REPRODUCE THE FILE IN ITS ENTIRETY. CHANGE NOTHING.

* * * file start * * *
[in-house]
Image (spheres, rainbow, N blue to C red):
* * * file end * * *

[in-house]
Image (spheres, rainbow, N blue to C red):